Insights into mechanism and functional consequences of heme binding to hemolysin-activating lysine acyltransferase HlyC from Escherichia coli

Publication date: September 2018
Source:Biochimica et Biophysica Acta (BBA) – General Subjects, Volume 1862, Issue 9
Author(s): Sandra Peherstorfer, Hans Henning Brewitz, Ajay Abisheck Paul George, Amelie Wißbrock, Jana Maria Adam, Lutz Schmitt, Diana Imhof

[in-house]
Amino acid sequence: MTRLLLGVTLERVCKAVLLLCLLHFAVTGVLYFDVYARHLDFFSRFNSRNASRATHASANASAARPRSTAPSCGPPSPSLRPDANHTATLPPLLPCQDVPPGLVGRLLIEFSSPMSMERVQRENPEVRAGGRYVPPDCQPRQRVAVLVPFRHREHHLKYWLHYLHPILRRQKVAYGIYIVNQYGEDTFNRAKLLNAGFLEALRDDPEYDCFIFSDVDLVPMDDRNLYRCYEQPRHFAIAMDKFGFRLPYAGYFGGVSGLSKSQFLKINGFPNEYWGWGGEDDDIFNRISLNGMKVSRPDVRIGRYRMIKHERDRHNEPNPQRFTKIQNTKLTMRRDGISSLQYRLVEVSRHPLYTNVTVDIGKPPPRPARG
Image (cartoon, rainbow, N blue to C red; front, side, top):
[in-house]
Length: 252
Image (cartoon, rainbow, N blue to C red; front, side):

BackgroundTight regulation of heme homeostasis is a critical mechanism in pathogenic bacteria since heme functions as iron source and prosthetic group, but is also toxic at elevated concentrations. Hemolysin-activating lysine-acyltransferase (HlyC) from Escherichia coli is crucial for maturation of hemolysin A, which lyses several mammalian cells including erythrocytes liberating large amounts of heme for bacterial uptake. A possible impact and functional consequences of the released heme on events employing bacterial HlyC have remained unexplored.MethodsHeme binding to HlyC was investigated using UV/vis and SPR spectroscopy. Functional impact of heme association was examined using an in vitro hemolysis assay. The interaction was further studied by homology modeling, molecular docking and dynamics simulations.ResultsWe identified HlyC as potential heme-binding protein possessing heme-regulatory motifs. Using wild-type protein and a double alanine mutant we demonstrated that heme binds to HlyC via histidine 151 (H151). We could show further that heme inhibits the enzymatic activity of wild-type HlyC. Computational studies illustrated potential interaction sites in addition to H151 confirming the results from spectroscopy indicating more than one heme-binding site.ConclusionsTaken together, our results reveal novel insights into heme-protein interactions and regulation of a component of the heme uptake system in one of the major causative agents of urinary tract infections in humans.General significanceThis study points to a possible novel mechanism of regulation as present in many uropathogenic E. coli strains at an early stage of heme iron acquisition from erythrocytes for subsequent internalization by the bacterial heme-uptake machinery.

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